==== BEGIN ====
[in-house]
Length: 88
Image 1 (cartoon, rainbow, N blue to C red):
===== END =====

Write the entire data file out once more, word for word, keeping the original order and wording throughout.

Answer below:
[in-house]
Length: 88
Image 1 (cartoon, rainbow, N blue to C red):